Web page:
Structure formation and clustering evolution

Through existing deep surveys with HST and various ground-based telescopes, as well as the results of cosmological numerical simulations, we now have a rough qualitative picture of how galaxies and larger structures formed throughout the history of the Universe.

In hierarchical structure formation models such as the CDM theory, small density fluctuation grow and collapse to form virialized objects. In the early Universe, galaxy-scale density fluctuations with the highest peaks collapse earlier and form stars rapidly and efficiently due to the high density of the Universe. These early galaxy formation processes are related to larger-scale density fluctuations, since the highest galaxy-scale peaks tend to lie on the highest peaks over larger scale if the phase distribution of the initial density fluctuations is random (as assumed normally). The strong clustering of Lyman Break Galaxies as well as the existence of old massive galaxies seen in present-day cluster cores strongly support this picture. On the other hand, galaxy formation proceeds more slowly in lower-density regions, and galaxy infall from the low-density to high-density regions causes the apparent evolution of the galaxy population in high-density region (i.e., the Butcher-Oemler effect). Various other observational results, such as the evolution of galaxy clustering strength with redshift and the number density evolution of field galaxies, also support this idea.

Existing deep survey data is poorly suited to addressing this fundamental, global issue due to the limited and non-contiguous volume coverage. The SXDS is a unique opportunity to map the general history of structure formation.

At z > 1, the contrast of a galaxy cluster above the field galaxies is substantially reduced, making optical (or near-infrared) color-selection impractical. In addition, at high redshift cluster members may still be undergoing substantial star formation which will affect their optical-infrared colors -- consequently, optical cluster searches (which assume that cluster members form a coeval, evolved population) may be substantially incomplete. Finally, the large scatter in the X-ray luminosity-optical cluster richness plane means that optical selection may not be a suitable way to detect large concentrations of mass.

X-ray imaging provides a simpler way to detect clusters of galaxies, since a typical core diameter of 500 kpc corresponds to ~60'' at z=2, much larger than the XMM-Newton PSF of ~12''. This means that even the most distant clusters will be flagged as extended objects, provided enough source photons are collected. Since the sensitivity of the XMM-Newton observations is high enough to detect clusters with Lx=5×1043 erg/s at z~2, we have the opportunity to examine in detail the same volume of the Universe at optical/infrared and X-ray wavelengths to see the evolution of galaxy clustering. We have the following specific questions to be answered by the survey:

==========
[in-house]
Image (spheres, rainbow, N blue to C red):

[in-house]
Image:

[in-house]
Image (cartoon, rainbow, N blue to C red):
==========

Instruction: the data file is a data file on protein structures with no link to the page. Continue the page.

1. Mass mapping of the distant Universe by X-rays/galaxies/weak lensing.
    We can compare the distribution of galaxy concentrations detected by multicolor analysis (using the `matched filter' method), X-ray clusters, and clusters detected by weak-lensing S/N mapping. Comparing results from the weak-lensing method (for which the excellent image quality of Subaru is important) with others is very important since the lensing method provides the real `mass' mapping and we can directly follow the M/L evolution of the dense regions of the Universe.
  2. Revealing the environmental dependency of the galaxy population at high redshift.
    As a result of our extensive photometric data and high photo-z accuracy, we can split our galaxy catalogue according to further criteria, such as environment and/or color. We can therefore investigate the evolution of the galaxy population in different environmental regions.
  3. Evolution of the galaxy clustering strength.
    Modern cosmological models include star formation prescriptions and calculate the observed colors of galaxies. Our large survey area and accurate photometry (at 26th magnitude, the limits of most surveys, our photometric uncertainty will be only a few per cent) will enable us to produce large galaxy samples over a wide luminosity range to compare with the predictions of models.

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